2.10. Intracellular Cytokine Production by Stimulated CD3+ Cells

Intracellular production of interleukin-2 (IL-2) interleukin-4 (IL-4), tumor necrosis alpha (TNFα), and interferon gamma (INFγ) in CD3+ cells stimulated by the mixture of brefeldinA and phorbol-12-myristate-13-acetate was monitored by flow cytometry as described previously [22]. The figures shown in the Results section indicate the percentages of CD3+ producing the individual cytokines.

2.11. Antibodies against Herpesviruses and Human Papillomaviruses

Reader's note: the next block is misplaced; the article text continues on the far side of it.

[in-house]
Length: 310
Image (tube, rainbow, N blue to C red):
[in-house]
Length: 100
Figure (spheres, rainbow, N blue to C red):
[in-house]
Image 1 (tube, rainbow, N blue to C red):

Antibodies were determined against the following herpesviruses: the herpes simplex virus type 1 and type 2 (HSV 1 and 2, IgG and IgM), the varicella-zoster virus (VZV, IgG and IgM), the human cytomegalovirus (CMV, IgG and IgM) and the EB virus (EBV, IgG and IgM against the virus capsid antigen [VCA], IgG against the virus nuclear antigen [EBNA1] and against the early antigens [EA R+D]). The following commercial kits were used: ETI-HSVK-G-1/2 and ETI-HSVK-M-1/2 (DiaSorin S.p.A., Italy) for the detection of HSV 1/2 IgG and IgM antibody, respectively; ETI-CYTOK-G Plus and ETI-CYTOK-M REV Plus (DiaSorin S.p.A., Italy ) for the detection of CMV IgG and IgM antibody, respectively; VZV IgG and VZV IgM (Nova Tec, Immunodiagnostica, GmbH Germany) for the detection of VZV IgG and IgM antibody, respectively; ETI-EBV VCA-G and ETI-EBV-VCA-M-Rev (DiaSorin S.p.A., Italy) for the detection of EBV VCA IgG and IgM antibody, respectively; ETI-EBNA-G (DiaSorin S.p.A., Italy) for the detection of EBV EBNA IgG antibody; and ETI-EA-G (DiaSorin S.p.A., Italy) for the detection of EBV EA IgG antibody. In addition, antibodies to six types of human papillomaviruses (HPV), namely, types 6, 11, 16, 18, 31, and 33 were determined using ELISA using virus-like particles as antigen as described previously [23]. Sera were diluted according to corresponding manufacturer recommendation, in case of anti-HPV antibodies 1 : 25. All samples originating from the same patient were tested simultaneously on one microplate.